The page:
(RxWiki News) Grocery shopping on an empty stomach may lead to different food choices. Buying candy and salty snacks may be easier to resist on a full stomach.
In a recent study, researchers followed a group of people to see what types of foods they bought at a grocery store when they were hungry versus when they were full.
The results of the study showed that people purchased more high-calorie foods when they were hungry compared to when they were not hungry, and fewer low-calorie foods when they were hungry compared to when they were not hungry.
"Eat a healthy snack before grocery shopping."
Aner Tal, PhD, a post-doctoral fellow, and Brian Wansink, PhD, professor in the Dyson School of Applied Economics & Management at Cornell University in Ithaca, NY, worked on a study to investigate what people buy at the grocery store when they haven't eaten in a while.
According to these researchers, people may fast (consuming no solid food for an extended period of time) for religious reasons, because of busy schedules or for extreme dieting. Short-term fasting could mean skipping a meal, whereas long-term fasting could last several days or weeks.
In the case of extreme dieting, people may head to the grocery store and, in their state of self-imposed hunger, buy a lot of food that would undo the results of the recent dieting.
"Fasting has been shown to increase brain reactivity to particular types of food over others," the researchers wrote.
For this study, the researchers conducted a two-part experiment, one in a lab with 68 paid participants and the other in a local grocery store with 82 participants.
In the lab experiment, the participants ranged from 18 to 62 years of age and 71 percent were women. The participants were told not to eat any food for five hours before coming to the lab. The 68 participants were placed in groups of six to 12 and staggered between 12:00 pm and 5:00 pm over the course of two weeks.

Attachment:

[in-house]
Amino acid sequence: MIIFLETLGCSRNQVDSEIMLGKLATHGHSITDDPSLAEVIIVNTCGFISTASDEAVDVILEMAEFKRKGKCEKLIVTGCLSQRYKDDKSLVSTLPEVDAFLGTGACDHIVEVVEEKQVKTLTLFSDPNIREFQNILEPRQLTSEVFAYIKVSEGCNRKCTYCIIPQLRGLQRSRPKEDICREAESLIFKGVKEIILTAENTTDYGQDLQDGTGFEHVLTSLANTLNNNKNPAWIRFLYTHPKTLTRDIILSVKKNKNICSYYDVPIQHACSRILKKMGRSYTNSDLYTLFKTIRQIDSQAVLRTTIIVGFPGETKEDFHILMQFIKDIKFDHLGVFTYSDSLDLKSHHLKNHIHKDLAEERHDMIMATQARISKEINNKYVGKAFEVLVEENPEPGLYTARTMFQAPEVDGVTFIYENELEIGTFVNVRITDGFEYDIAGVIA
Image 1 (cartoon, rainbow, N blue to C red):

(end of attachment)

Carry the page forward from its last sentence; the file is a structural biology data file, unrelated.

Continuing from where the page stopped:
When they arrived at the lab, half of the participants were given a plate of crackers and told to eat until they were no longer full and the other half were given no food.
Each participant was then asked to shop in a simulated online grocery store. The grocery store offered a mix of low-calorie foods, such as fruits, vegetables and chicken breasts, and high-calorie foods, such as candy, salty snacks and red meat.
No food prices were displayed on the website.
The results of the experiment showed that people in the hungry group purchased 14 items, eight of which were low-calorie foods and six of which were high-calorie foods.
On average, the people in the full group purchased 12 items, eight of which were low-calorie foods and four of which were high-calorie foods.
Overall, the hungry participants purchased two extra high-calorie food options compared to the full participants.
Results of a previous study suggested that grocery shoppers were most likely to be full between 1:00 pm and 4:00 pm and hungry between 4:00 pm and 7:00 pm.
At the grocery store experiment, the researchers recorded the grocery store selections of the participants as either high-calorie or low-calorie and then noted the time of day.
The results of the experiment showed that people purchased an average of 11 low-calorie and four high-calorie food options between 1:00 pm and 4:00 pm.
Participants purchased an average of eight low-calorie and four high-calorie food options between 4:00 pm and 7:00 pm.
While people who shopped later in the day did not purchase more high-calorie or low-calorie food options than those who shopped earlier, people in the earlier group purchased three more low-calorie food options compared to the later group.
"Even short-term food deprivation can lead to a shift in choices such that people choose less low-calorie, and relatively more high-calorie, food options," the study authors wrote.
In an Editor’s Note in JAMA Internal Medicine, Rita F. Redberg, MD, MSc, added commentary on this study.
"I think all diet guides include the advice to 'never go grocery shopping when you are hungry'—and when I had young children, I added 'and never with young children'—because either of these factors seem to lead to less wise food choices," Dr. Redberg wrote.
"Tal and Wansink offer scientific support for this common sense advice in their study of grocery store purchases after short-term fasts," she wrote.
This study was published in June in JAMA Internal Medicine.
No outside funding was used for this research. No conflicts of interests were reported.